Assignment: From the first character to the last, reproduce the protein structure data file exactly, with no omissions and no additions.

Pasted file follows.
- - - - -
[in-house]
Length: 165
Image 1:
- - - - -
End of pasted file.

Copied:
[in-house]
Length: 165
Image 1: